However, Campbell said the Isle of Capri casino would be constructed on the east side of Koch Road where Kerr-McGee Corp. fuel tanks used to sit. The casino would neither cross Koch Road nor enter into Kinswood Lane — resting at least 1,500 feet away from Gateway Accessible Housing III.
From where the complex sits, he said it is possible residents might see the top of a proposed hotel, but he did not believe they would see the casino.
"Historically neighbors have found the Isle of Capri to be a very accommodating neighbor, a good neighbor," he said. "There is a myth that casinos are associated with crime and vagrancy and loitering. That just isn't the case at all. Missouri casinos are under the highest surveillance of any other location. The last place a criminal would commit a crime would be at a casino."
Kern has been in contact and plans to meet with John Campisi, R-south county, to discuss the casinos proposed in her neighborhood.
She also has been in contact with Denny Hettenhausen, an Oakville resident who spearheaded previous efforts to stop casinos from coming to south county in the 1990s.
Hettenhausen led a group, Rally Against Gambling Expansion, that conducted a 40-day prayer vigil in cooperation with local churches and groups that opposed a gaming facility in south county.
"That would be a very tragic thing," Hettenhausen told the Call speaking of the potential impact on residents of Gateway Accessible Housing III. "That place is where those people hang their hats and call home ... They're upset. I saw the concern on their faces. It's just awful. They'll just run right over anybody."
She and other members of a current anti-gambling group, South County First, have been working to publicize Kern's situation.
Also, for four months, the 30 members of South County First have been meeting to formulate a game plan to keep gambling out of south county. Hettenhausen said they plan to revive RAGE and conduct a similar 40-day prayer vigil beginning New Year's Eve.
"We plan on fighting this until the bitter end — and we plan on winning," she said.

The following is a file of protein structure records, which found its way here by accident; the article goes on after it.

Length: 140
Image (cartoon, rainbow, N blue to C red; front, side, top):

She said she opposes all three gaming proposals, but she cited several specific reasons for the Jefferson Barracks Bridge sites, including her concern that people driving their children to Beasley Elementary School on Koch Road, which intersects with Kinswood Lane, would have to drive past a casino.
Adult entertainment should not be down the street from a school, she said.
Also, she said she is bothered that a casino would be so close to the Jefferson Barracks National Cemetery.
"It disregards all of our forefathers and family members who served their country," she said. "It's almost sacred ground ... And the casino would be so close ... People just don't care. They'll run right over anybody."
She said the groups are aiming to stop more gambling in all of the region, including the city.
"The casinos have their foot in the door," she said. "They have a few in Missouri and they won't stop and leave us alone ... There are (11) casinos in Missouri and that's 60,000 people who are addicted to gambling who weren't before."
During her last campaign against gambling, more than 30,000 letters were sent to gaming officials asking them to leave south county alone. Hettenhausen said she plans to lead a similar letter campaign during the consideration of the current proposals.
Anyone who wants more information about South County First or RAGE can call Hettenhausen at 892-2962.